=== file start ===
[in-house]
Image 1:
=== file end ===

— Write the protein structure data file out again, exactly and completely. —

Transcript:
[in-house]
Image 1: